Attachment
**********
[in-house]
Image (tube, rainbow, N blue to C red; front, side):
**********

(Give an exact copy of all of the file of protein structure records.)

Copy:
[in-house]
Image (tube, rainbow, N blue to C red; front, side):